At a time when India and Pakistan are contending with war hysteria,mothers from both the countries have knit the warmth of peace for the destitute children across borders.
From remote villages in Himachal Pradesh,Indian hand-knitted sweaters have been sent for the destitute children in Pakistans northwest region. Mothers from the other side have reciprocated in a similar manner and sweaters knit in Pakistan were sent for the poor in India.
The Knitting for Peace initiative coordinated by the Sungi Foundation in North-West Frontier Province (NWFP) and the NGO Jago Ri in India aims to create a sense of warmth in the relationship between the two countries.
The gifts were exchanged on Thursday at the Public meeting held by the South Asians for Human Rights (SAHR) and the South Asian Free Media Association for the Aman Caravan peace delegation from Pakistan at the Constitution Club.
We also hold talks with women from remote villages about the initiative,and they are extremely proud of their participation. There is no acrimony against Pakistan in Indian villages, said Abha Bhaiya of Jago Ri.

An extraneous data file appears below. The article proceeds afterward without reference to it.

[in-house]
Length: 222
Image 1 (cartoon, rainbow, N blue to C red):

Most of the delegates in the Aman Karavan that arrived in Delhi on Wednesday touched on the fact that the people of Pakistan and India dont want war.
Many like Jugnu Mohsin of the Friday Times,Lahore,said that both governments need to take a hard look at their failings.
The Pakistan Government has made mistakes but the Indian government also needs to accept responsibility. Who started the nuclear arms race in the subcontinent? asked Mohsin.
The arms race is what strengthened the military and the terror networks, she added while also blaming the Pakistan Government for denying the fact that Ajmal is a Pakistani national.
The Indian delegates also spoke out against the attitude of denial of the Pakistani Government with regard to the Mumbai attacks.
Pratibha Prahlad of the Forum for Art beyond Borders said the Pakistani Governments refusal to accept the evidence given by India after the Mumbai attacks was a major reason for the growing tensions between the countries.
There has to be an acceptance that the problem exists before it can be solved, added Prahlad.